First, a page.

Astronomical profits: The race to mine the moon heats up
When Moon Express received permission from the US Government to undertake a mission to the moon, they became the first private organisation authorised to travel beyond the Earth's orbit. The achievement was a fillip to the startup, putting it in pole position to land an unmanned probe on the moon and win Google's $25 million Lunar XPRIZE.
However, landing on the moon is only the start for Moon Express - the end goal is to actually mine it. And they're not the only ones looking to make astronomical sums of money outside of Earth's orbit.
The new space race
While the concept of exploring space to mine for resources has mostly been restricted to movies, books and the dreams of billionaire entrepreneurs, things changed on 25 November, 2015. That was the date on which Obama signed the Commercial Space Launch Competitiveness Act into law.
The Act gave American space exploration companies ownership over anything they mined in space. The new law set off a gold rush as companies sprang up in the US, seemingly overnight, all hoping to make a buck off the space treasures in Earth's neighbourhood.
This November, Luxembourg also announced that they would be introducing a similar law to America's. In doing so the tiny country is hoping to become the focal point of private space exploration in Europe.
Also read - Jupiter's icy moon Europa may harbour life: NASA
The new law will come into effect sometime in early 2017. Luxembourg will not be the last country to ease their laws on space exploration for private companies either. After all, the resources on the moon alone are estimated to be worth, at a conservative estimate, in the vicinity $150 quadrillion.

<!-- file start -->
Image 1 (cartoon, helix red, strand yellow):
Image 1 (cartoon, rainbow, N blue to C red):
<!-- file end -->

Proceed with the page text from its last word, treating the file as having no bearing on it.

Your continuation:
But even as legislation worldwide eases, there are already companies primed and ready to make a killing in space.
The major players
With Moon Express receiving permission to land a mission on the moon, you'd imagine they'd be the furthest along in the commercial space exploration race. This isn't the case though.
The ones who will see green the fastest are the companies who will actually transport private companies to the celestial bodies they intend to mine. As of now the most likely winners here are Jeff Bezos' Blue Origin and Elon Musk's SpaceX whose ambitious plans and spirit of innovation look set to dramatically slash the cost of space travel.
However, while these companies fine tune their technology, two huge companies are biding their time and waiting for D-Day.
The first among these is Deep Space Industries who are building unmanned vehicles that are capable of extracting resources from the icy and rocky environs of asteroids. The company announced in November that they intend to start prospecting near-Earth asteroids in 2017 with an aim to actually begin mining by the end of the decade.
As of now Deep Space's primary competitor is Larry Page-backed Planetary Resources. Planetary Resources, who are operating in the same space, actually launched its first satellite last year from the International Space Station. With all their sensors for their future probes currently being tested, Planetary Resources hopes to have their first mining operation up and running by 2020.
The company's commercial partnership with the Luxembourg government - securing $25 million in funding as part of this - has also helped them gain a valuable advantage.